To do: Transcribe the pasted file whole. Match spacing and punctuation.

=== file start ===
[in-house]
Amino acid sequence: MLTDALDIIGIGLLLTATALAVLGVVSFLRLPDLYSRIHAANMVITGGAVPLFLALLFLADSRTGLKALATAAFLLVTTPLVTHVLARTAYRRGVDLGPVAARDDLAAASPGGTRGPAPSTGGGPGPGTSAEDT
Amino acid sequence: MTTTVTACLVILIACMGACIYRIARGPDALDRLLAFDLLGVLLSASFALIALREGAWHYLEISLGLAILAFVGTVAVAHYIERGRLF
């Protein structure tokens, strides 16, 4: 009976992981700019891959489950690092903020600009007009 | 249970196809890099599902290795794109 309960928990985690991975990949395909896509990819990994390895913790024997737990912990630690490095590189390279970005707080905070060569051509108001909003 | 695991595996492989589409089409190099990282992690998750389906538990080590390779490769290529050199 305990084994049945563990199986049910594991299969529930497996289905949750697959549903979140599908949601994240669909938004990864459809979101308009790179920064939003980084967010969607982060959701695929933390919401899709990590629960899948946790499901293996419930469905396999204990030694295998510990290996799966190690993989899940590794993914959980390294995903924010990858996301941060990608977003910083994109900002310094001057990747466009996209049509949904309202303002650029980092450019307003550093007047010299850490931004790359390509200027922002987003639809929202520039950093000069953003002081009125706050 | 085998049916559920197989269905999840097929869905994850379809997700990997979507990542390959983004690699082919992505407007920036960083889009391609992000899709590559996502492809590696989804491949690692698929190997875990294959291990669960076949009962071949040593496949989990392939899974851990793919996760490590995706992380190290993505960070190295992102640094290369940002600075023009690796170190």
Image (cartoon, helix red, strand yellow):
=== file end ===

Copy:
[in-house]
Amino acid sequence: MLTDALDIIGIGLLLTATALAVLGVVSFLRLPDLYSRIHAANMVITGGAVPLFLALLFLADSRTGLKALATAAFLLVTTPLVTHVLARTAYRRGVDLGPVAARDDLAAASPGGTRGPAPSTGGGPGPGTSAEDT
Amino acid sequence: MTTTVTACLVILIACMGACIYRIARGPDALDRLLAFDLLGVLLSASFALIALREGAWHYLEISLGLAILAFVGTVAVAHYIERGRLF
């Protein structure tokens, strides 16, 4: 009976992981700019891959489950690092903020600009007009 | 249970196809890099599902290795794109 309960928990985690991975990949395909896509990819990994390895913790024997737990912990630690490095590189390279970005707080905070060569051509108001909003 | 695991595996492989589409089409190099990282992690998750389906538990080590390779490769290529050199 305990084994049945563990199986049910594991299969529930497996289905949750697959549903979140599908949601994240669909938004990864459809979101308009790179920064939003980084967010969607982060959701695929933390919401899709990590629960899948946790499901293996419930469905396999204990030694295998510990290996799966190690993989899940590794993914959980390294995903924010990858996301941060990608977003910083994109900002310094001057990747466009996209049509949904309202303002650029980092450019307003550093007047010299850490931004790359390509200027922002987003639809929202520039950093000069953003002081009125706050 | 085998049916559920197989269905999840097929869905994850379809997700990997979507990542390959983004690699082919992505407007920036960083889009391609992000899709590559996502492809590696989804491949690692698929190997875990294959291990669960076949009962071949040593496949989990392939899974851990793919996760490590995706992380190290993505960070190295992102640094290369940002600075023009690796170190």
Image (cartoon, helix red, strand yellow):